Your Memories, Your Book: To Tell the Truth

A useful article on truth telling in memoir from Personal Historian Wayne Groner:

Your Memories, Your Book: To Tell the Truth: The Plain Truth This article is a variation of my guest post on Sharon Lippincott’s blog, The Heart and Craft of Life Writing . A commo...

Copyright © 2011, Ruth Zaryski Jackson

My Interview in ArtScene

A few months ago I was asked by The PineRidge Arts Council to do an interview for the September-October issue of their publication ArtScene. I was excited to receive my copy today.
East Gwillimbury-20110906-00081

Since there is no online link and my BlackBerry photo is hard to read, I am publishing the interview here.

1. Tell us a little about your background and family.

I was born in Toronto, the eldest of four children of Ukrainian Canadian immigrants. After studying Anthropology at University of Toronto, then Counselling Psychology at University of Waterloo, I worked as a teacher, counsellor, and researcher. My last job was Historical Planner for the Ontario Ministry of Transportation’s Central Region where I documented heritage resources and made recommendations as part of the Environmental Assessment process. Some of this work was in Durham Region.

I am the mother of four grown children and grandmother of seven. I live with my husband on a farm near Mount Albert, just over the border in York Region.

2. What is your arts discipline and areas of interest?

I write memoir, poetry, creative nonfiction and blog at Memoir Writer’s World.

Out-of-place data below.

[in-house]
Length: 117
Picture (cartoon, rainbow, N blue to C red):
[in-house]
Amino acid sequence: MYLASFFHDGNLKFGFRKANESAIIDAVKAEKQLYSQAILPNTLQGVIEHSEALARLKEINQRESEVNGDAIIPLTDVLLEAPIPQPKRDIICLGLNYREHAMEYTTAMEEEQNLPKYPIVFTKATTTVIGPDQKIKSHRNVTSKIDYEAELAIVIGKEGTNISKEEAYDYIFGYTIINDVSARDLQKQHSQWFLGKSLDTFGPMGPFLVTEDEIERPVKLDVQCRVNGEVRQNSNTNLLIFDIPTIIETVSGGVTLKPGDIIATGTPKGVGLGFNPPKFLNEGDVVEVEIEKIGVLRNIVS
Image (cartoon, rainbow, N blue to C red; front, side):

About four years ago, I started memoir writing through Ryerson University’s online course with instructor Allyson Latta. I’m now finishing my memoir “Missing Sadie, Missing Myself: Memories of a Childhood”.

It’s a coming of age story of a precocious daughter of Ukrainian immigrants uprooted from a downtown Toronto rooming house to follow her mother’s dream in 1950 of moving to the suburbs. Colourful characters, considered part of her extended family, were left behind. Against this background, she struggles with loss, longing, family secrets and conflicting values to find a place in her family and the world.

In 2008, my first short story “Room in My Heart” was published in "The Wisdom of Old Souls", an anthology about Grandmothers. In 2010, two poems about each of my grandmothers “Knowing You” and “Wash Day” were published in another anthology, "Grandmothers' Necklace", a fundraiser for the Stephen Lewis Foundation. My personal essay “The Power of a Family Secret” was published in 2010 on Allyson Latta’s website.

Besides writing and blogging, genealogy, learning to speak Ukrainian, and helping people with genealogical research, I am the family archivist and my present passion is picking up dropped threads in my family histories. I love to research some forgotten relative who died young or invented something and was never given credit. I’m rewriting history.

I am a member of the Writers’ Community of Durham Region, have attended the Ontario Writers’ Conference and belong to a dynamic and accomplished writing support group: Life Writers Ink along with Cheryl Andrews, Mary E. McIntyre and Anahita Printer Nepton.
My blog Memoir Writer’s World address:

3. How did you hear about PRAC and how long have you been a member?

I joined P.R.A.C. about two years ago when I heard about it from my writing buddy, Mary E. McIntyre who had been a member for many years. She introduced me to the Arts Scene newsletter where I learned about all the talented artists in Durham Region.

4. What would you like to see added to the community to enhance the arts?

I love the artist studio tours. I’d like to see more events in the northern part of Durham Region, stronger support for community theatre, more funding for Arts groups and more free arts activities for children in the community such as year round Arts camps for kids. Do Durham libraries have an Authors Series as we do in East Gwillimbury? The annual Stellar Literary Festival in Oshawa showcases local and emerging authors. A festival similar to WordsAlive could bring in popular writers for workshops and readings.

Post Script: The inaugural McLaughlin Literary Festival will be taking place at the Parkwood Estate in Oshawa on Sunday September 18, 2011.